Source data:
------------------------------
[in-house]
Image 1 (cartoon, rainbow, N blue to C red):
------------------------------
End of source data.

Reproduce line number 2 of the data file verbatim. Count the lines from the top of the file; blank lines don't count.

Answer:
Image 1 (cartoon, rainbow, N blue to C red):